Before understanding cervical radiculopathy, it is important to first understand the anatomy of the back bone ( the spine). The spine comprises of 33 bones, known as vertebrae. Each vertebrae lie on top of the other vertebrae. The vertebrae can be divided into : cervical ( 7 vertebrae), thoracic (12 vertebrae), lumbar(5 vertebrae), sacral ( 5 vertebrae which are fused together)and coccygeal (4 vertebra which are fused together, the tailbone). The 24 upper vertebrae are separated by interposition of a vertebral disc between adjacent vertebrae. Each vertebrae is hollow in the middle forming the spinal canal. The spinal cord is present in this canal. Nerves present in the spinal canal come out via openings present in the vertebrae.
What is Cervical Radiculopathy?
Cervical radiculopathy or “ pinched nerve” , a neurologic condition, refers to the compression or irritation of any cervical nerve root leading to altered functioning of the nerve. It may be caused due to bone spurs and degeneration or herniated disc. According to studies, the 7th cervical nerve root (C6-7 herniation) is mostly affected (in 60% cases). Impingement of the nerve root likely causes nerve damage by chemical and mechanical pathways. Although disc herniation is one of the causes of nerve compression , in most of the cases cervical radiculopathy occurs because of cervical spondylosis.
Causes of cervical radiculopathy
- Degenerative changes
- Spinal infections
- Spinal tumors
- Due to injury
Symptoms of cervical radiculopathy
According to studies, there is usually mild, intermittent symptoms or the patient is asymptomatic. The symptoms are usually unilateral (present only on one side). Patients may present with symptoms like:
- Dull or sharp neck pain. which may also be present in the arm (or both symptoms may be present). According to earlier studies, the pain worsens when the patient sleeps or during any movement
- Numbness or tingling in the arm and hand
- Loss of coordination and loss of reflexes in arms.
- Sensation loss in neck, hands or arms
- Weakness in hand, arm and shoulder
Diagnosis of cervical radiculopathy
- Review of the symptoms and history of the patient by the physician.
- Magnetic resonance imaging (MRI)
- Computed tomography (CT scan)
Treatment of cervical radiculopathy
Cervical radiculopathy is mostly self limiting and conservative management is sufficient to control it. The types of treatment can be divided into:
1) Non operative treatments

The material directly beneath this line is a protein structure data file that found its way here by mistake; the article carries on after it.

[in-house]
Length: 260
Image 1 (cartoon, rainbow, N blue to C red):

- Physical therapy: Includes immobilization, intermittent traction of cervical region, infrared and ultrasound treatments, ergonomic and postural training. Many studies have found stretching and strength training of neck muscles to be useful.
- Immobilization is done by using cervical collars
- Manipulation: A recent study showed that immediate pain responded better to manipulation compared to immobilization. However, at intermediate and short term follow up, no benefit was found. Such uncertain benefits can potentially lead to serious complications existing with cervical manipulation.
- Traction: Traction weights can range from 5 to 12 kgs. It may be given alone or together with other exercise regimens.
- Cervical steroid injection: Used together with the other non operative treatments. Although rare, there may be minor or major complication in this procedure.
- Medications: Mainly analgesics are used which can be broadly classified into non narcotic and narcotic medications. The physician should always try to avoid narcotic medications. Amongst the non narcotic medications, NSAIDs ( non steroidal anti inflammatory drugs) are mostly used. Oral corticosteroids are also used at times to manage the inflammation of acute phase. The benefits of corticosteroid use must be weighed against the risks following their use.
2) Surgical treatment
How to sleep with cervical radiculopathy
Improper sleeping posture of cervical spine can aggravate the symptoms of cervical radiculopathy.. Finding a sleeping posture that is comfortable and pain free is pften difficult. Pillows play an important role in proper, pain free sleep..
- Sleeping on back: it is the easiest way to position the neck and head properly. Using a pillow that reinforces the neck curvature with a flatter part to support head is important.
- Sleeping on the side: the first position is more preferable although sleeping on side is better than sleeping on stomach. The most important thing is using a tall pillow so that the head and neck are perfectly lined up which will ensure that the spine is straight while sleeping.
- Sleeping on stomach: this position is not recommended. However, in case the patient is comfortable sleeping only in this position, it is important to sleep without a pillow or sleep with a very thin pillow.
- Sleeping upright: this is a useful position. Compared to traditional pillow, the patient should use a sing a U-shaped pillow that goes around the neck together with a small pillow that will support the lower back.
Cervical radiculopathy can affect sleep and other daily activities thereby compromising the quality of life of the patient. However, with proper treatment and following the advised sleeping techniques the discomfort can be reduced.